Columnist image
Frank Seravalli

TSN Senior Hockey Reporter

|Archive

After watching just a few minutes of his Blues prospects participate in a 3-on-3 scrimmage, Ken Hitchcock had an opinion on what the NHL’s new overtime format will look like this season.

“Absolute chaos,” Hitchcock said in a revealing video posted on the team’s web site. “There wasn’t a scoring chance 4-on-4 for 10 or 12 minutes. As soon as it went to 3-on-3, the whole energy changed, the whole game changed. It was just score, score, score.”

Hitchcock said the Blues will practice 3-on-3 situations every day for the first four days of training camp. All 30 NHL teams will get to work on 3-on-3 during the preseason, with each team playing a 3-on-3 scenario at least three times, whether or not a game is tied.

Ottawa vs. Buffalo on Sept. 23 (7:00 ET, TSN5) will be one of the many games to head to 3-on-3 overtime.

“The interesting thing will be watching how coaches figure out what system to play,” Todd Nelson said from Traverse City, Mich., on Tuesday. “There are a lot of nuances to 3-on-3, depending on personnel, style and aggressiveness.”

Nelson, 46, is now head coach of the AHL’s Grand Rapids Griffins. He spent the bulk of last season as the Oilers’ head coach, replacing Dallas Eakins, but he also prepared the Oklahoma City Barons in training camp for a season with an AHL-best 14 overtime wins.

For the most part, Nelson said the Barons used two forwards and one defenceman. Depending on the makeup of his roster, Nelson said he “wouldn’t hesitate” to use three forwards or even three defencemen at a time, particularly if they were mobile.

“This will be about puck possession more than anything,” Nelson said. “You have to have the balanced mindset that you’re not going to sit back, but you still have to play good defence. I think you’re going to see coaches develop a lot to see if they can produce 2-on-1s, whether that’s by turning back and regrouping and gaining more speed.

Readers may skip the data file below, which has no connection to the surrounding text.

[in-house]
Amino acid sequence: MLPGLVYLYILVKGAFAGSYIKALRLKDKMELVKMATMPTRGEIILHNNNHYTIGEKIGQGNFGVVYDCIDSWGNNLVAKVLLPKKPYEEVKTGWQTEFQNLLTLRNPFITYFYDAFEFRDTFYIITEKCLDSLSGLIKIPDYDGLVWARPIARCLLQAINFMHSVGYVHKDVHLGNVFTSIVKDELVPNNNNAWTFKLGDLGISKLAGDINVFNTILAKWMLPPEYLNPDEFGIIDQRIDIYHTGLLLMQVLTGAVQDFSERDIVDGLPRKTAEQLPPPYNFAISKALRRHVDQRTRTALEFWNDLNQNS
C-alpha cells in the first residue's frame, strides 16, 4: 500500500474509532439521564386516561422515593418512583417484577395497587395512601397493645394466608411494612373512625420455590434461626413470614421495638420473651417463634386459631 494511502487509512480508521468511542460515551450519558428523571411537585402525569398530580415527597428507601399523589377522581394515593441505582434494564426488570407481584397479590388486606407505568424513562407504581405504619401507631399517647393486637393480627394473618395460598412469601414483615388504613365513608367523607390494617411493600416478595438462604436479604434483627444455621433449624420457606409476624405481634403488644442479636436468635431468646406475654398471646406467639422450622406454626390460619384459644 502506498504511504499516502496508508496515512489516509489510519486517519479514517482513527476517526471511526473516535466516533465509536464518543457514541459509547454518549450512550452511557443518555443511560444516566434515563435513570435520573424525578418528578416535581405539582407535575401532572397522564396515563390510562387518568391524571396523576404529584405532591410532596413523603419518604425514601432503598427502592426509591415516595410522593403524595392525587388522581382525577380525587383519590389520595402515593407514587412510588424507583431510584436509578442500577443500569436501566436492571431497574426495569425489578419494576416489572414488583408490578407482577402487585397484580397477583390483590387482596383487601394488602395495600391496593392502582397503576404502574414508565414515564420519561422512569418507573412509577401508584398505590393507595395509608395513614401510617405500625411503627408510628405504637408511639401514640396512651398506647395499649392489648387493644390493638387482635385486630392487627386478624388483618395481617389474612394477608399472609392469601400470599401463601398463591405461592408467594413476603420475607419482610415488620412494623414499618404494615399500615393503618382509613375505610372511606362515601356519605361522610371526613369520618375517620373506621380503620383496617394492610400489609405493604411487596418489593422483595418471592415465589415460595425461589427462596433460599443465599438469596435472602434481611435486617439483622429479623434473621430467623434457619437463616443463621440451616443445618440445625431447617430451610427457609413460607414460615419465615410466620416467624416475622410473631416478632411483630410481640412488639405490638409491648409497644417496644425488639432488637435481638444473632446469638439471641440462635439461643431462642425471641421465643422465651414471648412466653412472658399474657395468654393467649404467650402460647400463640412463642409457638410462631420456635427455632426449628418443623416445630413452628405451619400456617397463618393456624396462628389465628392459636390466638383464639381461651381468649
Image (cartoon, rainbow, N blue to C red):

“It will also help quite a bit if you have a goalie who can play the puck well. You’ll see teams start to send guys in that case to see if they can spring a break.”

Nelson’s new boss, Red Wings general manager Ken Holland, was a longtime proponent of 3-on-3 overtime. He said in June the projection for this season is to reduce the number of games decided by shootout by 66 to 70 per cent.

Last season, the AHL’s new format of three minutes at 4-on-4 followed by four minutes of 3-on-3 play produced a goal in three out of every four (75 per cent) overtime games. In 2013-14, only 35.5 per cent of AHL games were decided by overtime.

The NHLPA was not willing to extend overtime by an additional two minutes, so the NHL opted for a straight five-minute session at 3-on-3. 

If a penalty is called during overtime, the penalized team will skate at a 4-on-3 disadvantage, rather than facing a 3-on-2 situation. Additionally, if a team decides to pull their goaltender during overtime and it results in a loss, that team will forfeit the point earned for reaching the overtime period.

Last year, the Texas Stars dropped an AHL-worst 13 games in overtime, but coach Derek Laxdal said it wasn’t for lack of opportunity.

“The funny thing about our record was that I’d say we were almost always the first team to generate a ‘Grade A’ scoring chance,” said Laxdal, a former Maple Leafs draft pick, on Tuesday. “Then it becomes a track meet. That’s where you get in trouble.”

Laxdal said a lot of teams would sit back and wait for a turnover, in an attempt to catch the opposition exhausted from offence. Wins and losses came down to mistakes - a player dropping his stick, a poor line change - more often than talent.

Since teams will still be switching ends after the third period, a “long” line change will allow for more chances. Hitchcock said tired players might think they’re making a smart play by dumping the puck in on the goalie, but a smart goalie will push the pace the other way.

Hitchcock wants his team to “be in attack mode.” Others will sit back and wait for an opportunity.

“The wrong two steps is a 2-on-0 breakaway the other way,” Hitchcock said. “There is all kinds of strategy involved here.”

Fortunately, Hitchcock has a weapon like Vladimir Tarasenko at his disposal.

In all, less than half the roster will likely see the ice during overtime, placing more of an emphasis on speed and skill. Still, defencemen might have to take face-offs, and goalies will be heavily involved in pace.

And that’s better than deciding a team game through the individuality of a shootout.

“It’s going to be really exciting,” Nelson said. “I think we all like shootouts and some of the moves, but [3-on-3] just seemed to be the right thing.”

Frank Seravalli can be reached at frank.seravalli@bellmedia.ca.